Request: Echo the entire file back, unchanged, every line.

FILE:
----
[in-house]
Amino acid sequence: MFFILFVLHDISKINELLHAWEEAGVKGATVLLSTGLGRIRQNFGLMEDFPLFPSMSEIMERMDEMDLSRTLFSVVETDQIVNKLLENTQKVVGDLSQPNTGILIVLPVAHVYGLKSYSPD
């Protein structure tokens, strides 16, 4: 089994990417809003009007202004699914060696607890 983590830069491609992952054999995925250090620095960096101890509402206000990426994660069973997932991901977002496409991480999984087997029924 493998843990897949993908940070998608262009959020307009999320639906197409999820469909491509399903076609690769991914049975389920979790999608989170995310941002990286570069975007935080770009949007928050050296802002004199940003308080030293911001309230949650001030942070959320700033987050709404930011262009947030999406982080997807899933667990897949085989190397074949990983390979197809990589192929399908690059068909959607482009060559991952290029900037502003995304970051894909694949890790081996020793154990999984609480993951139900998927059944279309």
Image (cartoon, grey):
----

[in-house]
Amino acid sequence: MFFILFVLHDISKINELLHAWEEAGVKGATVLLSTGLGRIRQNFGLMEDFPLFPSMSEIMERMDEMDLSRTLFSVVETDQIVNKLLENTQKVVGDLSQPNTGILIVLPVAHVYGLKSYSPD
């Protein structure tokens, strides 16, 4: 089994990417809003009007202004699914060696607890 983590830069491609992952054999995925250090620095960096101890509402206000990426994660069973997932991901977002496409991480999984087997029924 493998843990897949993908940070998608262009959020307009999320639906197409999820469909491509399903076609690769991914049975389920979790999608989170995310941002990286570069975007935080770009949007928050050296802002004199940003308080030293911001309230949650001030942070959320700033987050709404930011262009947030999406982080997807899933667990897949085989190397074949990983390979197809990589192929399908690059068909959607482009060559991952290029900037502003995304970051894909694949890790081996020793154990999984609480993951139900998927059944279309």
Image (cartoon, grey):